Nhleko’s explanation for the reduction in reports of sexual offences was that a “number of factors” were attributable. One was that it was a “social consciousness issue”, because so many NGOs and government programmes are currently dedicated to conscientising the public about sexual violence. Another was that the specialised police units set up to tackle rape – the Family Violence, Child Protection and Sexual Offences Units were clearly succeeding.

A less optimistic explanation for why fewer sexual offences are being reported, as noted by the Democratic Alliance’s Dianne Kohler Barnard, is that members of the public are losing faith in the police’s ability to do anything about it.

There were a number of slightly curious aspects to the presentation of this year’s crime stats. One was the emphasis placed on the role of foreign nationals in committing crime. Phiyega noted that as a result of Operation Fiela and other crackdowns, there are 682 foreign nationals with prior convictions awaiting trial, and 852 without prior convictions.

While obviously far from ideal, these figures are a drop in the ocean. To give a sense of perspective, 686 police were also arrested for some form of crime last year. Yet Phiyega found it necessary to specify, earlier in her presentation, that there are 61,162 “naturalised foreign nationals” in possession of 90,083 firearms in South Africa. She did not provide breakdowns of gun ownership among any other ethnic groups. Inkatha Freedom Party MP Albert Mncwango asked why South Africa was issuing firearm licences to foreigners at all.

Emphasis was also placed on service delivery protests as a “major driver of crime”, even though the vast majority are peaceful: 2,289 protests were classified as violent out of over 14,000 last year. It’s undoubtedly true that policing protests consumes resources. There has previously been controversy over what the police class as protests, however, due to the fact that increases in protests are used to justify increases in riot police, armoured vehicles and other means of cracking down on dissent against the state.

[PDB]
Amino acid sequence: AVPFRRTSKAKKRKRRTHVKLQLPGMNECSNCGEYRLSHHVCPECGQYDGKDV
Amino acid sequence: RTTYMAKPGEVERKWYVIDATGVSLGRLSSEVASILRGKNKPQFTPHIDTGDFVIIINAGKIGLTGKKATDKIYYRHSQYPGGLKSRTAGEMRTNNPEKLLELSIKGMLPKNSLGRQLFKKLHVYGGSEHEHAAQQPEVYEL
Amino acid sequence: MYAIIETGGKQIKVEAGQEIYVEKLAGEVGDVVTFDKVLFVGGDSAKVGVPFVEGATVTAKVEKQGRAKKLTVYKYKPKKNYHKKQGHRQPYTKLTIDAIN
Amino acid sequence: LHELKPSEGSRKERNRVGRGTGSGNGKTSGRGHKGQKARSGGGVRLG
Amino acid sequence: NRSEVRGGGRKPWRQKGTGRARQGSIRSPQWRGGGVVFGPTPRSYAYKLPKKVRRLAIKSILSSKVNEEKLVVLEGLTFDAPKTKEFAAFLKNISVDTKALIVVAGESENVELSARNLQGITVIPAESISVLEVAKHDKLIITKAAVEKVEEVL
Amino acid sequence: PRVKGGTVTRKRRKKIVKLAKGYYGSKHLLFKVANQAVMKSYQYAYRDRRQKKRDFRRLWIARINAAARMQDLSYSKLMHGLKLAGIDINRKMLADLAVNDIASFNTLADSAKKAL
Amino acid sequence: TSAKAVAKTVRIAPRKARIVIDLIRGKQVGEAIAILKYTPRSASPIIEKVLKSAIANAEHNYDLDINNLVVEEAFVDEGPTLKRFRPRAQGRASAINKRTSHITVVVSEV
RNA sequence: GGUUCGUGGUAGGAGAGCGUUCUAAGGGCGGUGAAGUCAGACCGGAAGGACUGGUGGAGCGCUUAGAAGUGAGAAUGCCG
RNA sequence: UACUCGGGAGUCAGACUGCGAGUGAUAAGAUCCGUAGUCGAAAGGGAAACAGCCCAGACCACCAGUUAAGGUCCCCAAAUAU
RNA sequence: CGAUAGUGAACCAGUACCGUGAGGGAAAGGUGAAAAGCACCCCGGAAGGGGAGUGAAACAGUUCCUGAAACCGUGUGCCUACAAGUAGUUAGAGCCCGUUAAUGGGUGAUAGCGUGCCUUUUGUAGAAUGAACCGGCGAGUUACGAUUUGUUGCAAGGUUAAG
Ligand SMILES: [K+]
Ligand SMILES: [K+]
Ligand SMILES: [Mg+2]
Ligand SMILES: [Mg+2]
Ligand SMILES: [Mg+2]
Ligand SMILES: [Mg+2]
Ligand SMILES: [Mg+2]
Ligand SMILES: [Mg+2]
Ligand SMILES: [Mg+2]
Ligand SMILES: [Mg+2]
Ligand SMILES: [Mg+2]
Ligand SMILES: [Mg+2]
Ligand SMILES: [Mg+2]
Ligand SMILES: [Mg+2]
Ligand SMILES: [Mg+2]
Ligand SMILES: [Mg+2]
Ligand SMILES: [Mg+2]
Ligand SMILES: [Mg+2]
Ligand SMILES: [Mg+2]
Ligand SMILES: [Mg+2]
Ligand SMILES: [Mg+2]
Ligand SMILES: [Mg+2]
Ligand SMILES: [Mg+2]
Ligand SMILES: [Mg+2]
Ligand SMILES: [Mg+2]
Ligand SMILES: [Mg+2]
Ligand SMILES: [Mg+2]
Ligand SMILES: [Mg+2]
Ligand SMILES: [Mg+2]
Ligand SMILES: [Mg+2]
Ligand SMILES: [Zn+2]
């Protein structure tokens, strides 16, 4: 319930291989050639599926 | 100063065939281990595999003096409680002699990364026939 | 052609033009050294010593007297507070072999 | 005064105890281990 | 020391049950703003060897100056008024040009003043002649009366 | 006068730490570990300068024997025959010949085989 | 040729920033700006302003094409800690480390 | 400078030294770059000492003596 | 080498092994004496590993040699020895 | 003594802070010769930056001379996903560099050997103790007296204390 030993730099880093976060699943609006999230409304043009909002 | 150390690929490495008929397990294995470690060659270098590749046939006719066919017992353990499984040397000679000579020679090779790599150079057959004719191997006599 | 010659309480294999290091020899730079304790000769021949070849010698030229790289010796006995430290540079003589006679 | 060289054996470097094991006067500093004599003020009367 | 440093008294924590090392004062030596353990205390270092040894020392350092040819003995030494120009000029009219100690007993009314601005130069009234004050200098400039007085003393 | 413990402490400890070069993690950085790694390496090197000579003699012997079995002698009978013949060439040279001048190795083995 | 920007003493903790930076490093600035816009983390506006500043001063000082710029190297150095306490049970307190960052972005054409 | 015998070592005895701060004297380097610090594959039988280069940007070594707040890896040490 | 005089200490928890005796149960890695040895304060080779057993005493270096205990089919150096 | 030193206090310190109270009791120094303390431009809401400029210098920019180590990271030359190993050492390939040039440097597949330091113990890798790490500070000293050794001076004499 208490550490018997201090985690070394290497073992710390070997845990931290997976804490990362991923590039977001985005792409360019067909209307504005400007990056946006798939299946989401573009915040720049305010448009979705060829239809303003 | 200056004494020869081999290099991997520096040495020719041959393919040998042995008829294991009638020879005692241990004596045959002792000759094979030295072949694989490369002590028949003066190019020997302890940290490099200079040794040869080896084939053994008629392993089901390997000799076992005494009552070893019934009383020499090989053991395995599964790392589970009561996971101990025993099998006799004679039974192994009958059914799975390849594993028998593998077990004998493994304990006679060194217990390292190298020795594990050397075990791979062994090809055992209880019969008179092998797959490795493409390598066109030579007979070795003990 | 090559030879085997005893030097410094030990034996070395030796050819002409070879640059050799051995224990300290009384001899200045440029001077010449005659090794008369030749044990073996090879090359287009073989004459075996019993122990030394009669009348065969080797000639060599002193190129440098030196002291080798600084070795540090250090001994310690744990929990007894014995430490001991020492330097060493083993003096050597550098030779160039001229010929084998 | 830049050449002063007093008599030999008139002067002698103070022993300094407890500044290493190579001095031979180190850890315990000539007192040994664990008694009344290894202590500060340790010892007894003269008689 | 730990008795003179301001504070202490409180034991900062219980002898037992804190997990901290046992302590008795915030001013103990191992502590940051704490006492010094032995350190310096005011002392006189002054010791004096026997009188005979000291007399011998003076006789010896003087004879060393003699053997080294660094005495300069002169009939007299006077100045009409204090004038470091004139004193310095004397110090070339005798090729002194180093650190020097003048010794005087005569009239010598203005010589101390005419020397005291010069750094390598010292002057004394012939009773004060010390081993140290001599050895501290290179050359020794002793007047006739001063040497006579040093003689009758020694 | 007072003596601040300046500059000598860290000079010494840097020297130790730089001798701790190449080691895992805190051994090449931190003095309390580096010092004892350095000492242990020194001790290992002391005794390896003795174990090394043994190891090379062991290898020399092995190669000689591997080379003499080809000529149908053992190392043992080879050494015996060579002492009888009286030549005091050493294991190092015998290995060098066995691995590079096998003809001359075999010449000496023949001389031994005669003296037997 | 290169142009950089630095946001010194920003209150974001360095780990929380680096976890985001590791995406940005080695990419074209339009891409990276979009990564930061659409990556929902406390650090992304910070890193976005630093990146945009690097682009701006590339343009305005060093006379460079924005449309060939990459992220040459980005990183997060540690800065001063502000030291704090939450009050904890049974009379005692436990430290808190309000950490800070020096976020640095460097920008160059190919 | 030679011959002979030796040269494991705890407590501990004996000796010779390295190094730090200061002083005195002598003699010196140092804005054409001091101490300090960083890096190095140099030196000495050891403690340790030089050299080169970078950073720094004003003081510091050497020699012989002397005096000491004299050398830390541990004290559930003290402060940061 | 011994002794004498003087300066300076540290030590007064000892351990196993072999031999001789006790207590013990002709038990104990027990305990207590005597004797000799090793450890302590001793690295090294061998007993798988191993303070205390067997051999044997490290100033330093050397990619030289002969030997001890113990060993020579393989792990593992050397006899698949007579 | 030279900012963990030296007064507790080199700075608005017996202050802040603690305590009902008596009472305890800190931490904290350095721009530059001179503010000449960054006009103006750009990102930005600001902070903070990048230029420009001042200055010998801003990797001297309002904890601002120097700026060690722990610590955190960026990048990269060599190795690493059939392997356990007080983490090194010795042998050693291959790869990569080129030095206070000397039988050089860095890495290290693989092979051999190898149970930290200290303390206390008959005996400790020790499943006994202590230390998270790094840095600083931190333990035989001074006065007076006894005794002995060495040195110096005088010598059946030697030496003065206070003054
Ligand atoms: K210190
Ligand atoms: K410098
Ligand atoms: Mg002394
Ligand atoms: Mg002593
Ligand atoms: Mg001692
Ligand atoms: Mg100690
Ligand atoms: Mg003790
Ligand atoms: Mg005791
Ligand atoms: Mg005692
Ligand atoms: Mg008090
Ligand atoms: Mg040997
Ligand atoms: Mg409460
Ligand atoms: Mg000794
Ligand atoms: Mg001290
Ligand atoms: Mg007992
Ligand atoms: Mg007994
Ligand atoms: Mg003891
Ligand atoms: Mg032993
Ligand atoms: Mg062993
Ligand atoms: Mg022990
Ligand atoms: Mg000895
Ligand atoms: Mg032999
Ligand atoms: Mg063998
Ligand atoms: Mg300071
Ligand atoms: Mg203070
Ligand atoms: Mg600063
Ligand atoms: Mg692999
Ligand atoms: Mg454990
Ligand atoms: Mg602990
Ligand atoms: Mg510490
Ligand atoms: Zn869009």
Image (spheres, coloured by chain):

Even for the most cynical among us, this year’s crime stats can’t be said to be all negative. There have been decreases of reported cases in certain crime categories: the ISS has compiled some useful infographics here. Two positive aspects around the reporting of the statistics were the collaboration with Statistics South Africa to endorse the methodology, and the fact that the stats were presented to Parliament before the media for the first time.

But on the basis of this year’s stats, those trying to persuade us that South African crime is under control have their work cut out for them. DM

Photo: A miner rides a bicycle as he returns from his shift in Nkaneng township outside the Lonmin mine in Rustenburg, northwest of Johannesburg, June 26, 2015. REUTERS/Siphiwe Sibeko.

Read more:

  • Factsheet: South Africa’s 2014/25 property crime statistics, on AfricaCheck

  • Rebecca Davis
    bec photo
    Rebecca Davis

    Rebecca Davis studied at Rhodes University and Oxford before working in lexicography at the Oxford English Dictionary. After deciding she’d rather make up words than define them, she returned to South Africa in 2011 to write for the Daily Maverick, which has been a magnificilious decision.  

  • South Africa